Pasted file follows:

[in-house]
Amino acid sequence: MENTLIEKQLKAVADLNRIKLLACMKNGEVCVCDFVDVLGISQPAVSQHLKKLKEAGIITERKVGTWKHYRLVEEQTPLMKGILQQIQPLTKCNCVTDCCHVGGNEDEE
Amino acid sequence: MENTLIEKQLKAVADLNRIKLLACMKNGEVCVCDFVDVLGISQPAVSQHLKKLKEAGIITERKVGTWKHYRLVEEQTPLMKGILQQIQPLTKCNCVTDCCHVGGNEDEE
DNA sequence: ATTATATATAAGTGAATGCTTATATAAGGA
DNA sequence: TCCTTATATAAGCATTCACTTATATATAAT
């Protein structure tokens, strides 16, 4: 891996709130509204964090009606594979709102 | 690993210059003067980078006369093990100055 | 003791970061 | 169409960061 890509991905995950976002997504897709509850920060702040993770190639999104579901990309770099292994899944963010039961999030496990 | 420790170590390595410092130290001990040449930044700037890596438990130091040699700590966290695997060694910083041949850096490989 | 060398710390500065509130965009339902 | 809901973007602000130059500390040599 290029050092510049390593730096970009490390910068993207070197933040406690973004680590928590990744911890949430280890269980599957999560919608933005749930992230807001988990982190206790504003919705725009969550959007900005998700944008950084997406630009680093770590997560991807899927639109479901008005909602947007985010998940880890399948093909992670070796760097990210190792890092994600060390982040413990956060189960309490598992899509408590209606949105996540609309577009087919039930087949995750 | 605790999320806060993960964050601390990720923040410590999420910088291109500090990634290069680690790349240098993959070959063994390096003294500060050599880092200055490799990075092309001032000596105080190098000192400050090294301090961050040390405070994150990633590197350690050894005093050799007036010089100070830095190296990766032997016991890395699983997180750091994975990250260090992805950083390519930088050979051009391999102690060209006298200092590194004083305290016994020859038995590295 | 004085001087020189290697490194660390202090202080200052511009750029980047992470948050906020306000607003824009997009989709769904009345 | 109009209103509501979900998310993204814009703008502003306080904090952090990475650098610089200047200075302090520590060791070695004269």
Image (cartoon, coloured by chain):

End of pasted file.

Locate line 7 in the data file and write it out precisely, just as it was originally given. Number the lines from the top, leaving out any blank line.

Image (cartoon, coloured by chain):